Jump to content


compression rod?


Recommended Posts

so, i have the front suspension torn out and almost ready for paint. when i removed the compression rods, this is what i found


the new bushings from energy suspension look like this


my question for those of you who have replaced these parts is this. what kind of washer did you put on the rod between the new bushing and the rubber boot? will too thick of a washer throw the alignment out of whack enough to make a difference?


thanks all   sb 


Link to comment
Share on other sites

There's a factory washer that's thicker and more rigid than average, and designed to fit against the step on the rod.  And another to go on the other side of the sandwich.  What you took apart is an aftermarket kit, designed to make the front control arms more stable.  The factory rubber is pretty floppy.  You might be able to get replacements for the spherical pieces and kep using what you have.  If you go with the ES urethane you'll want to only use the front and use factory rubber on the back.  The rod ends tend to break off otherwise, from flex fatigue.

Link to comment
Share on other sites

Good question. There is a central metal tube/sleeve inside the rubbers that the large washers get squeezed together until the washers bottom out on that sleeve. Once tight, the bushing pair are automatically centered on the frame by virtue of both bushings being made of the same stiffness. As you drive, that rod is in compression (accel) or tension (braking) which deforms them somewhat.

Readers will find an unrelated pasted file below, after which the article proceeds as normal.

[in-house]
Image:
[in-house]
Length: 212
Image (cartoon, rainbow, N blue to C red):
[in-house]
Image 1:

Having a poly bushing on the front and a rubber bushing on the back implies that the static position is NOT centered affecting caster somewhat. Take a look at the rubber bushing before and after torque up and see just how much it crushes. 

One note that I brought up before here, the torque spec for the nut on the end is to obtained ONLY once the washers lock up on the central sleeve. There are situations where you might reach the torque spec BEFORE that happens, like dirty threads, very stiff bushings or TC rod not at a neutral position forcing the bushings into an awkward position. 

We had a big thread elsewhere about this where folks were using two nuts to lock them up as they were coming loose. Using a new locknut is important, as well as ensuring you have sleeve clamp down.  



  • Like 1
Link to comment
Share on other sites

Create an account or sign in to comment

You need to be a member in order to leave a comment

Create an account

Sign up for a new account in our community. It's easy!

Register a new account

Sign in

Already have an account? Sign in here.

Sign In Now
  • Create New...

Important Information

By using this site, you agree to our Privacy Policy and Guidelines. We have placed cookies on your device to help make this website better. You can adjust your cookie settings, otherwise we'll assume you're okay to continue.